For the Scribe continues Wojahn’s explorations of the interstices between the public and the private, the historical and the personal. Poems of recollection and elegy commingle and conjoin with poems which address larger matters of historical and ecological import.
David Wojahn is the author of Spirit Cabinet, The Falling Hour, Late Empire, Mystery Train, Glassworks, Icehouse Lights, Interrogation Palace, which was a finalist for the Pulitzer Prize, and World Tree, winner of the Lenore Marshall Poetry Prize and the Poet's Prize. He is the recipient of four Pushcart Prizes, the William Carlos Williams Book Award, the Carole Weinstein Poetry Prize, the George Kent Memorial Prize, and the O. B. Hardison Jr. Poetry Prize, among other honors. He has received fellowships from the Guggenheim Foundation and the National Endowment for the Arts. Wojahn is professor of English at Virginia Commonwealth University and also teaches in the MFA in Writing Program of the Vermont College of Fine Arts.
“In his formidable ninth collection, Wojahn (‘World Tree’) catalogues extinctions personal, cultural, and ecological. ‘Assume, dear vagabond, you are permitted/ One last survey,’ he writes in the opening poem, an elegy for his father. As longtime readers might expect, Wojahn's own ‘last survey’ impresses with both its diversity and detail. Bristling with quotations and historical artifacts, his rhythmic lines capture bluesmen as well as they do woodpeckers. In the title poem, he writes ‘inscription/ Is a form of weaving,’ and indeed, his brocaded compositions often have the richness of tapestry. Whether examining Glenn Beck or laundry robots, his ‘burnished effusions’ relentlessly hone in on the specific. In a book so focused on death and violence, such specificity can grow exhausting, even ghoulish, as in one voyeuristic sequence about lynching. But at his best-in heartfelt laments for other poets, and unhinged fantasias that put Elizabeth Bishop, Robert Johnson, and Ronald Reagan in conversation-Wojahn moves and fascinates, drawing readerly attention to the ‘auguries of apocalypse’ all around, however "small in scale. ‘God of stench & musk,’ Wojahn writes in one gloriously open poem about Pan and Xanax, ‘how well you know our recent century/ where art & terror have so freely & relentlessly conjoined.’" --Publishers Weekly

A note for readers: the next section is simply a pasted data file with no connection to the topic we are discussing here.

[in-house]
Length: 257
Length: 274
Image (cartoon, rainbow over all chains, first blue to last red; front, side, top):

"Recipient of numerous accolades and author of nearly a dozen books, Wojahn (World Tree) delivers a sophisticated, meticulously erudite collection. Most prominent is a series of baroque mash-ups, in which he mediates on two seemingly disparate yet intricately connected entities or ideas: 'Paradise Lost' and a history of the noose; music producer turned murderer Phil Spector and Incan death rites; the evolution of wolves into dogs and drones over Waziristan. One especially moving example blends an elegy for the poet Reginald Shepherd with a long walk through museum taxidermy: 'There you are, pinned in the lyric distance, small point of reference I call love.' The remainder of the book is packed with scattered curiosities and odd novelties, examined by a poetic, insatiable persona, taking up FOXP2 (a gene linked to speech); Nim Chimpsky (one of the first chimpanzees to learn American Sign Language); and Gar.Una of Uruk (the first recorded signature, from 5,000 years ago). A work of extraordinary range and grace."—ALA Booklist